Wednesday, July 22, 2015
When I'm not playing Magic, or reading about magic, or resleeving cards, I like to watch other people play Magic. Read all about it on my guest post over at MTGCasualPlay.com, "Yelling at the TV."
MTGCasualPlay has a ton of great articles about MTG from some cool guys. Even if Commander isn't your format, from Legacy to Standard, they have you covered. You'll find something to like.
Thursday, July 16, 2015
I am not a good deckbuilder in any format, Commander included. But with enough card drawing, I can pretend to be a good deckbuilder.
You can, too.
Look at it this way, imagine you are playing a game of Magic against exactly the same deck except you start the game with the entire deck in your hand and your opponent doesn't.
Who will win this game?
I can see it now: one of you smart asses is already pointing out that you would lose the game since you can't draw a card, but ignore the basic rules for this example.
What I'm getting at here is that if both decks are the same, the person with all the cards wins because that person never misses a land drop, always has exactly the right spell at the right time, and can curve out every turn for the rest of the game.
You play lands.
You play spells.
If you screw up either of those first two steps, you lose.
In the Commander format, because of its singleton nature, you will have a high degree of variability from game to game. You don't get the consistency that you would from the formats with smaller decks and with more copies of each spell available. Anything you can do to reduce that variability will lead to a more consistent deck.
Some people don't like this plan.
Running too many tutors can lead to predictable, stale games. The kind of games where everything plays out the same way every time. And if it doesn't play out that way, it typically means that you lose.
So, we're going to dance around this by drawing more cards.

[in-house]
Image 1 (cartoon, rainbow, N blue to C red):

I'm not saying that this plan of attack will make everyone happy. In the end, drawing more cards does make your deck more consistent. But losing because your deck sucks isn't really playing a good game of Magic either.
In other words, if you jam pack your deck with tutors, the consistency goes way up. If you jam pack your deck with card drawing, your consistency goes up without going totally bonkers.
For a concrete example of what I'm talking about, take a look at my mono-black control deck, "The Usual Suspects." Click the playtest button and test out a few opening hands.
There are roughly eleventy billion ways to draw cards with this deck. It's basically ramp, sweepers, and card draw, with enough cool creatures to make winning the hard way a kick in the pants.
Like I said before, I'm not a good deckbuilder. I'm relying on the strength of the creatures I put in this pile, ways to draw those creatures, and making all my land drops. Night's Whisper is great, not because it draws me two cards, but because there's a good chance that one of those two cards is going to be a kick ass creature or another spell that draws me even more cards.
Maybe you aren't playing a black deck. That's fine. Drawing more cards will still work for you.
If you are playing blue or black, finding more card drawing is easy.
It's actually surprisingly easy to find card drawing in green, also.
White and red need to lean more on artifacts, but the card draw is out there.
Along with some sweet artifacts, every color has a way of ripping into a grip of filthy cards.
What does this mean to you?
Let's not make this too complicated. You can't go wrong by drawing more cards. If your deck is unwieldy, inconsistent, or frustrating, draw more cards. Take a hard look at making cuts and then slot in cards that get you cards.